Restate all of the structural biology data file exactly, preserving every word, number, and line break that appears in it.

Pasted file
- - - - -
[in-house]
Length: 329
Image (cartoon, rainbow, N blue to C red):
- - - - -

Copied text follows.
[in-house]
Length: 329
Image (cartoon, rainbow, N blue to C red):